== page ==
Typical examples of the adhesives in medical devices are described in the following sections.


A silver-loaded electrically conductive adhesive has been used to join a piezo electric transducer (PZT) ring to a tungsten carbide (WC) tube as two components of a cardiac catheter tip as shown in Fig.6. The catheter tip has been designed to function as part of an ultrasound-imaging device for quantitative and diagnostic analysis of coronary arteries. [10] After a series of investigations an optimised condition was found. A control insertion of conducting adhesive between the WC and PZT components and a curing process which resulted in a void free 80µm conducting layer with the desired acoustic properties were established. Ultrasound catheter tips fabricated with conducting adhesive have been taken through mechanical product testing to clinical evaluation trials.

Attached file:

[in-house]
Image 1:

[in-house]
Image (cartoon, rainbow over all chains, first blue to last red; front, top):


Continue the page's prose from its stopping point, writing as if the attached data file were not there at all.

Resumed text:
Fig.6. Bonding components of an ultrasound catheter tip with conductive adhesive
Fig.6. Bonding components of an ultrasound catheter tip with conductive adhesive

Cyanoacrylates have been used for joining latex balloons onto PVC, urethane and multi lumen tubes for balloon catheters. An example of the use of cyanoacrylates in balloon catheters used in angioplasty is shown in Fig.7.

Fig.7. An adhesively bonded balloon catheter
Fig.7. An adhesively bonded balloon catheter


Lancets, syringes, injectors, hypodermics, blood collection sets and introducer catheters have been assembled using acrylic-based adhesives. The polypropylene mouldings of a drug administration gun were bonded together using a cyanoacrylate adhesive as shown in Fig.8.

Fig.8. A drug administration gun
Fig.8. A drug administration gun

Polycarbonate devices